So in the next two parts of this series, we are going to dig into what this actually looks like as it concerns prison abolition, through the historical lense of Californias prison system in general, and Soledad State Prison in particular.

We are going to explore the origins of our racialized views about prisons, criminality and Black people. We live in a society where Black people who commit crime are viewed as being perpetually criminal, and therefore deserving of perpetual punishment – extralegal or otherwise. We hear it often when someone is a victim of police brutality or otherwise mistreated, they often explain “I was treated like a criminal” or “I didn’t even commit a crime” or they ask the officer “did I commit a crime?” Implying that abuse and brutality are the expected and accepted forms of punishment for those who commit crime. And who in our society is seen as a representative of criminality more than incarcerated Black people? Where did these beliefs come from?

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Destroying The Master’s Tools: Soledad State Prison’s Anti-Black Racism And Why We Should Choose Abolition Over Prison Reform – Part 1

It would be grossly negligent to assume that the “feel good” stories featured in special segments on the news – or most recently, The Kelly Clarkson Show – about Soledad State Prison are a reflection of the reality of what it means to be an incarcerated person in this city within a city, just off Highway 101.

The reality is that this prison – and CDCR as a whole – functions in anonymity with autonomy in Vatican-like fashion where those outside its domain know nothing of the many human and civil rights violations occurring daily within the walls of these gray wastelands except what the prison itself makes available through curated statements and carefully crafted press releases.

And when those who are not connected to the prison – and therefore have no vested interest in maintaining the fictitious public image the prison seeks to portray – are granted access and are in a position to convey the full story, they are allowed to film only “special events.” It is the coverage of these events, and subsequent exposure, that eclipses and distorts the reality of what it means to be incarcerated at Soledad State Prison.

It is understandable – the urge of those who want to help and who truly believe they are being helpful by writing articles, filming and reporting on incarcerated people at Soledad building tiny houses for the unhoused, or spearheading a fundraiser to pay the tuition for a young Black boy to attend a prestigious private school, and countless other pro-social activities initiated by incarcerated people here at Soledad. However, the politics of respectability (or uplift suasion) painting a positive image of incarcerated people does more harm than good, and in fact perpetuates racist ideas about prison if you’re not, in the same sentence, talking about the ugly reality of mass incarceration and all that upholds it, i.e. predatory capitalism, anti-Black racism, classism and exceptionalism.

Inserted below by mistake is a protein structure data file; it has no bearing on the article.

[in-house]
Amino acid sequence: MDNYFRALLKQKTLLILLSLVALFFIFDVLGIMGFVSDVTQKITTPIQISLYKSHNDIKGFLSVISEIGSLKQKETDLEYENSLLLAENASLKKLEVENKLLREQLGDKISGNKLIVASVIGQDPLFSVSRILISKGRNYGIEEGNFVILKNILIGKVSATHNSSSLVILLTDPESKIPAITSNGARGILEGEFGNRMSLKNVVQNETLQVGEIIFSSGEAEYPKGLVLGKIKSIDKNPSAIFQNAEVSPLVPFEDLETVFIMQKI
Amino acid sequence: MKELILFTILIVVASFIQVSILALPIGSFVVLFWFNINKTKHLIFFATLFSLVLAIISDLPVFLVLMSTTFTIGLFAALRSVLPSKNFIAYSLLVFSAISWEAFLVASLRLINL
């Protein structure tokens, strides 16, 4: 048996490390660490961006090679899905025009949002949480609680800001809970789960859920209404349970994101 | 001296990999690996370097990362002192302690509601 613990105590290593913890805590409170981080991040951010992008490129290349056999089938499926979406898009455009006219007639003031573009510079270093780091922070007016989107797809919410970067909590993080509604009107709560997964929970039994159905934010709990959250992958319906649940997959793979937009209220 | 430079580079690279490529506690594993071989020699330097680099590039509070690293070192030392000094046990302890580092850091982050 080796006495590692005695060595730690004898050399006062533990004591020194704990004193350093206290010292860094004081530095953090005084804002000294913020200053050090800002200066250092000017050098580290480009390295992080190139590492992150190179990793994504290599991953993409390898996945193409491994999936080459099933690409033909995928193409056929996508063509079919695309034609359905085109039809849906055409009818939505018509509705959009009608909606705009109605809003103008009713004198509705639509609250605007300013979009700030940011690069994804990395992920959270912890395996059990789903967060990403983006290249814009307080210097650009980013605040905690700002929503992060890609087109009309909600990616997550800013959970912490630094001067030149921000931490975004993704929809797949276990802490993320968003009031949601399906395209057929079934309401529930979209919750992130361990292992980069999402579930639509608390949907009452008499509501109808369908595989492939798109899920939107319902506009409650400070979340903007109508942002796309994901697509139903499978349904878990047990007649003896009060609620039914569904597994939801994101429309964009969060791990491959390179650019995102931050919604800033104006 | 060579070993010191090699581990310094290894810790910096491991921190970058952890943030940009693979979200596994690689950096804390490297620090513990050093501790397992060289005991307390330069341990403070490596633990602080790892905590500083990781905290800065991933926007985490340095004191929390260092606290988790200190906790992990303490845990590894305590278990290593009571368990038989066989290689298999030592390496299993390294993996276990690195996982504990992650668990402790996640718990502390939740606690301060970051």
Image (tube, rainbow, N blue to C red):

In 1979, Audre Lorde delivered a speech at New York University titled “The Master’s Tools Will Never Dismantle the Master’s House.” Within this title is the idea that there exists a system that must be dismantled, but that it cannot be done by utilizing the tools designed for its maintenance. Drawing on the historic symbolism of slavery, the “master’s house” that she was referring to in her speech is the entire system of white supremacy, or what bell hooks refers to as white supremacist capitalist imperialist patriarchy.

Lorde was speaking to a room filled predominantly with white feminists who allowed their identification as “feminist” to blind them to the fact that they were mostly white while claiming to be there to discuss “the role of difference within the lives of American women; differences of race, sexuality, class and age.” Lorde continued, explaining, “The absence of these considerations weakens any feminist discussion of the personal or political.”

Subsumed within the idea of reform is the belief that that which is being reformed is good at its core, that it only needs to be polished. However, we know based on countless studies and firsthand experiences that prison is actually rotten at its core.

It is upon this premise that this piece is founded. Failing to discuss prison in its entirety, in my opinion, weakens any discussion about systematic change. Lorde asks, “What does it mean when the tools of a racist patriarchy are used to examine the fruits of that same patriarchy?” She continued with the answer, stating, “It means that only the most narrow parameters of change are possible and allowable.”

Among the “tools” of racist patriarchy are the lenses through which we examine these various systems. In the above instance, Lorde was speaking towards a Eurocentric vision or approach amongst feminists, as it concerned white supremacy. As it concerns prison, one of the most obvious expressions of white supremacy, the prevailing approach has been a reformist approach, which is simply another shade of Eurocentrism.

The absurdity of reform becomes apparent when we realize that subsumed within the idea of reform is the belief that that which is being reformed is good at its core, that it only needs to be polished. However, we know based on countless studies and firsthand experiences that prison is actually rotten at its core.

A plantation in disrepair, not a far cry from the current condition of prisons throughout America.

Rooted in slavery, prison will never be divorced from anti-Black racism no matter how vehemently prison spokespeople try to convince us that it is a thing of the past. Therefore, to discuss prison without including in that discussion its harsh reality while only highlighting exceptionalism does a disservice to, and derails from its onset, any discussion of systemic change.